Bloomberg View Editorial Urges Troika To 'Give Greece A Chance'

ATHENS, GREECE - NOVEMBER 13: Greek security forces stand guard in front of the Parliament building on November 13, 2014 duri
ATHENS, GREECE - NOVEMBER 13: Greek security forces stand guard in front of the Parliament building on November 13, 2014 during a demonstration on the anniversary of 1973 student uprising against the military junta on November 17, in Athens, Greece. After Theodoros Forcakis, rector of Athens University, decided to close the entrance of the faculties to prevent the protests, students and the dismissed administrative personnels marched to Syntagma Square. (Photo by Ayhan Mehmet/Anadolu Agency/Getty Images)

In a scathing editorial published on Friday, Bloomberg View accused the so-called "Troika" of raising absurd and counterproductive demands during talks with the Greek government over the country's financial situation.

"Greece's creditors are testing the country's endurance -- again," the editors write. "If they keep pressing, they could split the euro area apart, which would be a disaster for them as much as for Greece."

The Greek government of Prime Minister Antonis Samaras is currently locked in tough negotiations with the European Commission, the European Central Bank and the International Monetary Fund -- the organizations that bailed out the country during its financial crisis in the spring of 2013 and that are commonly referred to as the "Troika."

Reuters explains that the country and its lenders are mainly in disagreement over Greece's deficit, with the Troika pushing for more cuts in public spending in return for the last payment in the country's bailout.

According to Bloomberg View, the offer is toxic. "Further efforts to reduce debt through fiscal tightening are almost certain to fail," the editors argue. "And that's assuming they don't plunge the country into political instability, as they well might."

Greece's government is in a difficult position, as many Greeks are tired of the austerity measures the country was forced to undertake as part of the 2013 bailout agreement.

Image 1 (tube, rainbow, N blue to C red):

An opinion poll released at the end of October indicated that the left-wing Syriza party of Alexis Tsipras would prevail over Prime Minister Samaras' party if elections were to take place now.

Bloomberg View's editors argue that if Syriza comes into power after the elections next year, the consequences will be felt across Europe. "Tsipras might be willing to force losses on creditors unilaterally," the editors write. "Rising opposition parties in Portugal and Spain are similarly inclined, and they are watching closely. If markets begin to fear a wave of defaults, the resulting turmoil could thrust the whole of Europe back into crisis."

In a Thursday meeting with Arianna Huffington, president and editor-in-chief of The Huffington Post, Greek President Karolos Papoulias heavily criticized the Troika's positions in the ongoing talks and said the organizations act "as if they are speaking to rocks and not people."

Earlier that day, Huffington had urged Greeks to reject the demands of the creditors. "Greece is at a very difficult place and, if I may express my opinion, it is important for us to say 'no' to the Troika," she argued.

The editors of Bloomberg View argued that countries such as France and Germany should lead the way in recognizing Greece's need for debt relief, instead of having the country pursue additional austerity measures.

The fiscal arithmetic isn't hard to understand. In the end, one way or another, Greece's debts will be written down, and this is widely understood. Debt forgiveness achieves this result in an orderly way and with minimum collateral damage. The costs of the alternative -- a disorderly default -- could be enormous.

A deadline for the negotiations is set for Dec. 8.

You can read the full Bloomberg View editorial here.